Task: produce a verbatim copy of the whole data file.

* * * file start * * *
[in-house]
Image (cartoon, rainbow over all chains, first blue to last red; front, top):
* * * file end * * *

[in-house]
Image (cartoon, rainbow over all chains, first blue to last red; front, top):